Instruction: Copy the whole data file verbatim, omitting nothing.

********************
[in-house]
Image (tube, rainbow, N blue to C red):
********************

[in-house]
Image (tube, rainbow, N blue to C red):